Urban IPM

Friday, September 19, 2014

Green June beetles

It's the time of year that Green June beetles are spotted in large clusters around Central Texas.  These beetles are velvety green, about one inch long and 1/2 an inch wide.  The top is a dull green with yellow-brown markings on the wings and the underside is bright, metallic green with yellow-orange markings.  Larvae are creamy white, c-shaped larvae with well developed head capsules and legs.  Larvae (also called grubs) can grow over an inch in length.

Green June beetle. Photo by Drees.
Adults are large and conspicuous.  They like to eat thin-skinned fruits (such as grapes, peaches, figs and others) or fermented fruits and some flowers.  Adults may also be found on trees that are oozing sap, but the beetles are not causing the sap to ooze from the tree. Larvae feed in the soil and eat plants such as turfgrass, vegetables and ornamental plants.  Grubs often will emerge from the soil at night and crawl on their backs instead of using their short legs.  Grubs may cause small mounds of soil on the turf that may be mistaken for fire ant mounds or earthworm castings.

To check for grubs, which are the damaging stage, cut several 4" x 4" soil sections in different areas of the turf and look in the root zone and soil for presence of grubs.  It is possible to have grubs in the turf and not see any damage.  If a turf is kept healthy, then it can withstand some damage from insects.

If you feel the need to treat for grubs, you can try nematodes or pesticides.  When choosing nematodes, be aware that they require moist soil to move and parasitize prey.  If you are under watering restrictions, this may not be a feasible option.  Pesticides come in granular or liquid formulations with systemic (i.e. the active ingredient imidacloprid) or contact (i.e. the active ingredient cyfluthrin) modes of action.  Contact products need to come in contact with the grub for it to kill the insect, so it will require watering in to carry any pesticide to the soil where the grubs are located.  Systemic products also require watering in, but the turf will take up the active ingredient into the roots and the grub will get a dose when it feeds on the turf.  Granular products should be applied with a properly calibrated spreader and then watered in.  Always read and follow all label instructions.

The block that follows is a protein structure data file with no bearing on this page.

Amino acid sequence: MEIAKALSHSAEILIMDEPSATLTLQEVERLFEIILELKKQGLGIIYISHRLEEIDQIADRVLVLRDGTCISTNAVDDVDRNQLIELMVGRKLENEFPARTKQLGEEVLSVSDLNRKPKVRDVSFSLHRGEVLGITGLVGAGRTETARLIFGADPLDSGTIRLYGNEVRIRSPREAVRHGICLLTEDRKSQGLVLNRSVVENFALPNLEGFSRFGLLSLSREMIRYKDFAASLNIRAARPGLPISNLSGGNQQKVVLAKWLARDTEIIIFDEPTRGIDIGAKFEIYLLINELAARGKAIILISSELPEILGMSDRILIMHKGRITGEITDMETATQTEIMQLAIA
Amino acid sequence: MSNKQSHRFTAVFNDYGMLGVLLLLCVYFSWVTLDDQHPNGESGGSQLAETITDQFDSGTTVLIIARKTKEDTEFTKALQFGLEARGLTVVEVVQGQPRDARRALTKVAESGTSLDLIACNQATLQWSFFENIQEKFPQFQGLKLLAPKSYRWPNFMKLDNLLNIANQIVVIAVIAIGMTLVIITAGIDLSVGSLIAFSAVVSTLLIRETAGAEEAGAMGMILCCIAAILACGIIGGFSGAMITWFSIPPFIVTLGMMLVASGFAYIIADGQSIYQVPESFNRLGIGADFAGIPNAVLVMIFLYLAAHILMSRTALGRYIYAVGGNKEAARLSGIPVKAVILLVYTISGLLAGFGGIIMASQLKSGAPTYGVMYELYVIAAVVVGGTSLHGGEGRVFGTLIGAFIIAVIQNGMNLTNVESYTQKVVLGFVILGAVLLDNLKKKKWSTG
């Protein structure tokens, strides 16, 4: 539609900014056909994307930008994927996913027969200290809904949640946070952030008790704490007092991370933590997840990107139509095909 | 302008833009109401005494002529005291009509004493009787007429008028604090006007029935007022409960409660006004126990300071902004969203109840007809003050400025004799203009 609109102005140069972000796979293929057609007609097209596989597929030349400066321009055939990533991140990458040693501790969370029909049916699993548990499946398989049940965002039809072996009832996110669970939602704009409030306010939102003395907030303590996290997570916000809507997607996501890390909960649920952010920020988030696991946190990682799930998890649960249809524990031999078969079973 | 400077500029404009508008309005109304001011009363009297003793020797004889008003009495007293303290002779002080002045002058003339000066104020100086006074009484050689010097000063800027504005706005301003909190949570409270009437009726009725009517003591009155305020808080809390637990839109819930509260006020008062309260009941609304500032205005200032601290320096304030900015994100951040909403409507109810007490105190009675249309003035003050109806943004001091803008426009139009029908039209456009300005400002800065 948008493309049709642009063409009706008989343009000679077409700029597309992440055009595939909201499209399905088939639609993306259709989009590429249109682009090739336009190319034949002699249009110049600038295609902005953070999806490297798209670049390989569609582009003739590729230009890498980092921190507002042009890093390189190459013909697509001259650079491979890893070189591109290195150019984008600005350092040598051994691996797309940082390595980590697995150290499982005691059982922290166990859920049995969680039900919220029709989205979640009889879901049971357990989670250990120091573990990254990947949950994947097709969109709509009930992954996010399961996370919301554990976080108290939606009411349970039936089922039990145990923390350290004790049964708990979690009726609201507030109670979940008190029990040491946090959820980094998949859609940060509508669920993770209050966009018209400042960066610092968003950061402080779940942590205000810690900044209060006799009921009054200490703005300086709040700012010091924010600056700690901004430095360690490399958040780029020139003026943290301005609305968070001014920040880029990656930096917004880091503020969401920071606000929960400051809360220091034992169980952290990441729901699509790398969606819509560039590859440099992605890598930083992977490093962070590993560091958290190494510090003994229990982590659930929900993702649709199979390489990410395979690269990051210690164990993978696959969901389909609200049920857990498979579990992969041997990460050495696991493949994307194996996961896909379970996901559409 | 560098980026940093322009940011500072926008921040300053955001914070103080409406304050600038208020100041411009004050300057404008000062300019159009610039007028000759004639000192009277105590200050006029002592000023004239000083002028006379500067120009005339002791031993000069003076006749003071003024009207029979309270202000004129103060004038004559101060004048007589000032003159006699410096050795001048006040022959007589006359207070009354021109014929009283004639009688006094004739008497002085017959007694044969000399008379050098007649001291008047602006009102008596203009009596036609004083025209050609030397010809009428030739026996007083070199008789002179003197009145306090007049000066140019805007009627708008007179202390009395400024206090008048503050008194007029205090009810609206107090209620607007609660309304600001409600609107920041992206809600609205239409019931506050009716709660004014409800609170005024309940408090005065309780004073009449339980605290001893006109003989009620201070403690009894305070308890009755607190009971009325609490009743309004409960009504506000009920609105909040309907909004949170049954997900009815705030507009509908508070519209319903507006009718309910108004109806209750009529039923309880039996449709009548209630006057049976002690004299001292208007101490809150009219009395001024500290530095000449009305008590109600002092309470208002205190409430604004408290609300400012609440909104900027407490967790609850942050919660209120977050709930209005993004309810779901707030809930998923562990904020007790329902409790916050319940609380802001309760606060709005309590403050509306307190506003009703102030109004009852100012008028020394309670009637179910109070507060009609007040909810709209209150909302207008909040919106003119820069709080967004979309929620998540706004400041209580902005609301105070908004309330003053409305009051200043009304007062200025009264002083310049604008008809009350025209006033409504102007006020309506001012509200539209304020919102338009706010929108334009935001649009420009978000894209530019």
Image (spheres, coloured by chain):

Friday, September 5, 2014

Agricultural termites

It's that time of year again.  I just received my first call today.  Termite season!  What?  Termites are usually a problem in the spring you say?  While that is true for some types of termites, I get most calls on agricultural termites in late summer into fall.  Since we've been getting sporadic rain about town the past few days, I imagine that I will be getting more questions on these in the coming days.

Agricultural termite mud tubes covering Bermuda grass.  Photo by Al Haegelin.
Agricultural termites are not like drywood termites or subterranean termites in that they prefer live grasses and weeds to feed upon instead of dead wood.  Because of this, agricultural termites usually do not attack structures.  They will make mud tubes covering vegetation to provide them protection while they are feeding.  These termites are often found in large fields growing forage, but can sometimes also been found in more urban settings such as lawns or sports fields.

While agricultural termites are not usually considered a pest, large populations can cause problems in forage crops or turfgrass.

Friday, August 22, 2014